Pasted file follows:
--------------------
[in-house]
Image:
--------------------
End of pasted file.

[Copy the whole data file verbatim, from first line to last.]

[in-house]
Image: